I'll try to be be brief and specific.
I have a 10 bit h.264 clip that I wanted to convert to Apple ProRes 422 for an easier editing workflow. After importing the ProRes clip into Premiere I'm getting a strange stepping in the waveform (see below). I'm also noticing a small amount of banding in sections that don't have banding in the original.
Image1 - Both waveforms compared, ProRes on top h.264 original on bottom
Image 2 - Closer view of 10 bit ProRes waveform
Image 3 - Closer view of original 10 bit h.264 waveform
Anyone know why this is happening? To troubleshoot I've brought in a different 10 bit ProRes 422 clip that was recorded on a Ninja V (not converted) and I'm seeing the same issue, so I don't believe it's the conversion. I've also brought the ProRes clip into DaVinci and I'm not seeing the same issue, so I'm guessing this may be a Premiere issue. Unfortunately I only have the free version so DaVinci 17 and it won't allow me to bring in the h.264 clips I've recorded on my A7Siii, they only show up as audio files. I've read the Studio version has no problem with these files...I guess that how they get you to buy the Studio version.
Is anyone else experiencing these issues or know what I can do to troubleshoot?
My Premiere Current Version 14.7.0
How and what did the conversion?
The conversion was done in Media Encoder. Note, I've also seen the same stepping of the waveform when viewing clips recorded as 10 bit ProRes 422 clips using the Ninja V.
Interesting. Don't think I'll have the time in the next few days to test this, wish I did.
I know many new cameras support H.264/265 10 bit variations that can bring a 12 core CPU to it's knees. Some people use proxy files while others have opted to use an in camera video codec that Premiere Pro, Avid, Vegas etc can edit. If you are converting to Pro Res for editing and not proxy workflow simply working with an 8 bit H.264 variation that Premier Pro, Avid Vegas can edit might yield a better result. It is just a thought and some people have decide to do just that but you may not be able to take that route.
Thanks for the recommendtions Andy. I do actually use a proxy workflow, but I was attempting to move to a ProRes workflow since purchasing the Ninja V. If I end up switching NLE software I'll probably move to DaVinci because of the grading capabilities. I actually used Avid Media Composr for years, and it's great in a big production environment, but as a one man band who has to grade and mix audio I find the Adobe suite easier(although frustrating).
Here's a more pronounced image of the waveform problem I'm seeing along with the banding issue you can see in the sky.
The waveform is always "stepping" but the banding becomes noticable after applying a technical LUT to convert from SLOG3 to Rec 709. This file was actually recorded internally h264 10 bit and externally Proress 422 10 bit(as a backup). This makes for a great 1:1 comparison and notible because the issues don't exist at all on the original h264 file, even after the technical LUT has been applied.
I can't be the only one seeing this issue? Can someone else import some ProRes 422 footage into Premiere 14.7.0 and share their results?
I just mentioned Avid, Vegas and Premiere Pro because they can playback some variations of H.264 but some variations are super hard to playback. The new Intel chips for 2021 with Quick Sync should be able to playback the harder variations of H.264. I imagine Adobe will make it work with Premiere Pro.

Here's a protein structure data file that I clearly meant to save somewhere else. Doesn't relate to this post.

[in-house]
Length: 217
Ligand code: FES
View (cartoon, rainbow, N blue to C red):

I work with ProRes422 10 bit all the time, no banding. As do many others.
I'm also recalling there have at times been issues with files created by the Ninjas. So ... is there a short clip of the ProRes out of that Ninja you could make available through a link to like a dropbox folder? Then we could test that out on other systems.
Hi Neil, thanks again for the feedback.
The fact that this format is so widely used is what's confusing me. I know others are using it with no problems so it's frustrating. Besides having the problem with the ProRes shot with the Ninja V, I'm seeing the same issue with clips conformed from mp4 to ProRes. It seems like it's a setting that I'm missing since others don't seem to have this problem in general??? Just strange that the h264 mp4 clip is perfectly fine in color and on the scopes?
Here's a link to a short clip that was shot 10 bit internally on the A7Siii as well as a 10 bit ProRes 422 backup clip that was recorded on an external ssd on the Ninja V at the same time.
If you get a duplicate result please let me know. Thanks!
I downloaded the clips and can verify what you're seeing in Premiere Pro. I do not have Resolve Studio version installed on this machine, but I'll give it a shot.
Thanks for checking Kevin. Any suggestions for troubleshooting?
The only thing that bothers me is the Ninja. Perhaps the settings in the unit are set to 8 bit. The H.264 file reads that it is, indeed, 10 bit. The file from the Ninja seems inconclusive in this regard when inspecting it in Media Info. It does not expressly say that it is a 10 bit file. Would love to help you as I often consider getting a Ninja for my own use and want to make sure it is working for all.
Not sure if you saw the previous messages, but I've also experienced this when the Ninja V is not part of the equation. I've converted the h.264 10bit clip in media converter to ProRes 422 and I get the same "stepping" waveform when viewing in Premiere.
I assume all this is something wrong on my end because there are tons of people using the Ninja V and ProRes in Premiere, just wondering what that issue could be?
Copy link to clipboard
Figured out the problem.
Needed to change sequence settings/video previews/check "Max Bit Depth".
Hope this helps someone else!